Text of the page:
Ecological Dynamics on Yellowstone's Northern Range (2002)Board on Environmental Studies and Toxicology
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- All tree-sized aspen in the northern range are now more than 80 years old, and in the absence of recruitment their abundance will continue to decline. Species associated with aspen will likely decline along with tree-sized stems.
- Although conifer forests are used by ungulates, there is no evidence that ungulates affect their species composition.
- Based on the best available evidence, that no major ecosystem component is likely to be eliminated in the near or intermediate term.
- Composition and productivity of grassland communities in the northern range have not changed much with increases in herbivory.
- Currently, in the northern range, herbivory by elk on young aspen is intense and has probably prohibited recruitment since 1920. Although there have been fluctuations in climate since 1920, none has been large enough or persistent enough to account for the failure of aspen recruitment.
- Factors whose influences are related to population density (called density dependent) interact with factors whose influences are not (called density independent) to regulate elk and bison populations in the northern range.
- Given the complexities involved in managing Yellowstone's dynamic ecosystems, there is a continuing need for rigorous research and public education.
- Human activities adjacent to YNP have large effects on the animals present at least seasonally within the park. The animals do not have free access to the adjacent areas that formerly were available to them as migration corridors and winter range.
- Humans have caused some changes (e.g., the introduction of timothy grass and other exotics).
- In addition to density-dependent factors, elk and bison populations also are affected by density-independent factors such as weather and because ungulates and their food do not always vary in a synchronous way.
- Large ecosystems in general and YNP's northern range in particular are dynamic. Ecosystems change in unpredictable ways.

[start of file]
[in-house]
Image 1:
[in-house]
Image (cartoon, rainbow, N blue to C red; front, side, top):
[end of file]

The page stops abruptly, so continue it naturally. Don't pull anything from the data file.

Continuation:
- Recent restoration of wolves to YNP may allow evaluation of their role in aspen and willow recruitment and maintenance, but scientific information is lacking to understand the role of past development and hunting outside the park on elk behavior and migration patterns.
- Some ungulate populations tend to fluctuate regardless of human management intervention. The pronghorn population has fluctuated widely during the past century and has been declining recently. Adverse factors include coyote predation and hunting on private land outside the park. Also, pronghorn may be affected by competition for food with elk, mule deer, and bison during severe winters.
- The architecture, size, recruitment, and coverage of sagebrush have been changed by elk, pronghorn, bison, and mule deer. The effects are more significant at lower than at higher elevations in the northern range.
- The changes in the northern range are the result of the number of ungulates in the area combined with biophysical factors such as climatic variability, but current methods do not allow us to separate the relative contributions of each of these effects.
- The northern range is not on the verge of crossing some ecological threshold beyond which conditions might be irreversible. The same is true of the region's sagebrush ecosystems, despite reductions in the number and size of plants at some lower elevations.
- There is a strong density-dependent signal in northern range elk and bison population dynamics, but their responses differ: bison tend to expand their range to areas outside YNP when their population exceeds roughly 2,500, whereas reproductive rates in elk decline when their populations exceed roughly 15,000.
- There is little evidence for an ungulate effect on the summer range communities, with the exception of young aspen, which are heavily browsed.
- Wolves also affect the population dynamics of ungulates as well as those of other predators in YNP.
- YNP's practice of intervening as little as possible in the ecology of ungulates within YNP will likely allow the persistence of the northern range ecosystem and its major components as long as there is no large change in climate. If the NPS decided that it needed to intervene to protect species like aspen and the species that depend on tree-sized aspen stems, localized interventions would be prudent.